The impact on ratepayers is expected to be significant. No current estimates have been made, but last year – when the estimated cost of the project was about $65 million less – officials warned that ratepayers would be spending, on average, $40 a month more.
In case the county doesn’t get a discharge permit for the river, county leaders are exploring a $40 million proposal to pipe treated wastewater to Saltese Flats. The idea would be to convert farmland into reclaimed wetlands to naturally filter the water while providing more recharge to the Spokane River during summer.
That $40 million does not include land acquisition or site preparation, Mielke said.
And if regulators don’t sign off on the Saltese Flats plan, the county may be forced to go to a third option, reverse osmosis. Under that scenario, the county would have to pay for technology that would essentially convert the wastewater into potable water that could then be injected directly back into the aquifer, Mielke said.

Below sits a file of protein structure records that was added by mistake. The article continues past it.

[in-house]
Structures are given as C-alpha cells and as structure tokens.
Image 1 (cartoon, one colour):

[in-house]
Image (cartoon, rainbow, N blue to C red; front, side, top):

Apart from debate over technology costs, the Sierra Club sent a letter to the county complaining that officials did not do a cost study that should explain why it would be cheaper to let a private company operate the utility than to use county employees.
Mielke said he didn’t know whether such a study was performed.
“That’s the sales pitch they give you, is we can bring more highly trained people with more experience to your community at a much lesser cost,” he said.
Rachael Paschal Osborn, who wrote the Sierra Club letter, said the county’s actions are financially irresponsible toward ratepayers, who mostly live in Spokane Valley.
“Private corporations are not public servants,” Osborn wrote. “Their allegiance is to their shareholders, not the public, and their primary motive, some would say duty, is profit. Clearly, no private corporation would enter into this contract without a guaranteed profit.”
Mielke said he’s willing to put his political future on the line to forge ahead with CH2M Hill.
“I think some of the best national experts have been involved in this dialogue in selecting this technology,” he said. “I think this community needs to move forward with advanced technology.”